Presidential Debate: Financial Markets Declare Winners and Losers
Investors offered their own grades for Hillary Clinton and Donald Trump following Monday’s debate
By Steven Russolillo
Democratic nominee Hillary Clinton and Republican nominee Donald Trump leave the stage after the first presidential debate on Monday night. Photo: Timothy A. Clary/Agence France-Presse/Getty Image
There was no need to wait for pundits to grade Donald Trump and Hillary Clinton on their Monday debate performances. Financial markets’ judgment was swift.
Currencies, gold and some individual stocks had sharp moves Tuesday that suggested Mrs. Clinton was the victor. After months of conjecture, investors now have a real-world template for what may rise and fall as the election approaches and the candidates’ fortunes shift.
Consider the Mexican peso. It jumped 2% against the U.S. dollar during the debate, a remarkably swift move in currency markets. Mr. Trump has called for scrapping the North American Free Trade Agreement, which would hurt Mexico’s export economy. He also has advocated building a wall along the U.S.-Mexican border. Both could hurt Mexico’s economy and currency.
Then there is gold, considered a haven during market turmoil. Wall Street has long speculated that a Trump presidency might pressure the dollar’s value and raise geopolitical risks, boosting demand for gold. Mr. Trump has also touted the gold standard and the merits of a gold-backed currency. Gold fell more than 1% Tuesday.
And a specific sector, for-profit prisons, drew fresh scrutiny from Mrs. Clinton. “You shouldn’t have a profit motivation to fill prison cells with young Americans,” she said. Her warning comes after the Justice Department last month said it plans to phase out the use of private prisons.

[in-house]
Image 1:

Private-prison companies Corrections Corp. of America CXW -7.39 % and GEO Group Inc. GEO -3.82 % fell 7.4% and 3.8%, respectively, on Tuesday. The risks facing these companies “should be clear,” said Andy Laperriere, a political strategist at research firm Cornerstone Macro.
One sector surprisingly not hit by the debate: biotechnology and pharmaceutical stocks. After singling them out for criticism over drug pricing, Mrs. Clinton didn’t mention the issue in the debate.
Exchange-traded funds for those stocks had been beating the market in recent weeks as Mrs. Clinton’s poll numbers slipped, but they didn’t give up any gains Tuesday.
Portfolios designed to benefit from the election’s outcome are also offering telling signs.
Research firm Strategas Research Partners says its Democratic portfolio has outperformed its Republican portfolio by some 3% this year, implying a 59% probability of a Mrs. Clinton victory.
Not only did investors get to vote early but they will have plenty of recounts before Nov. 8.